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For the first time ever, astronomers say that they have observed and witnessed a ‘fast radio burst’ or cosmic radio burst in real time.

Cosmic radio bursts or fast radio bursts may have only been discovered eight years ago, and previously never been observed in real time. However, a team of astronomers announced in a published piece in the Monthly Notices of the Royal Astronomical Society that it had finally happened. While astronomers and scientists aren’t entirely sure why cosmic radio bursts happen, or where specifically they happen – they do know what they are. Cosmic radio bursts – or fast radio bursts as they’re sometimes called – are incredibly short bursts of light that come from radio waves. There is no source of the light, and observers are rarely shocked by them – because they happen so infrequently. Typically, they last a few milliseconds, and then disappear once again.

Since the discovery of them in 2007 – a few have been observed retroactively. Meaning, scientists and astronomers have observed them happening – after they have occurred. However, until now there wasn’t any evidence to suggest that anyone had seen it in real time. The team of astronomers were from all over the world observed a cosmic radio burst in real time, and upon doing so, changed the landscape in terms of accomplishing firsts in the science community. John Mulchaey of the Carnegie Observatories’ – where it was spotted – that “these events are one of the biggest mysteries in the Universe,” and that “until now, astronomers were not able to catch one of these events in the act.”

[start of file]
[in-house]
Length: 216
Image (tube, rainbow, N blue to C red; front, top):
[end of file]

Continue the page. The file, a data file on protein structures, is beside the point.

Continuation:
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One of the team members pointed out that “these bursts were generally discovered weeks or months or even more than a decade after they happened! We’re the first to catch one in real time.” However, observing one of these fast radio bursts is definitely no fast, or easy, process. In fact, it required the team to mobile 12 telescopes around the world. The telescopes all followed the burst at different wavelengths to ultimately catch it in the act. Data from the team reveals that the burst happened from roughly 5.5 billion light years away – and now could go a very long way to understanding the world and space we live in more effectively.

Now though, it is a little clearer – according to the astronomers involved – where exactly these bursts are coming from. Previously, many were under the impression that the burst could have come from a nearby supernova. Now though, astronomers at least have a reference point to begin their study as it relates to the origin of the cosmic burst.

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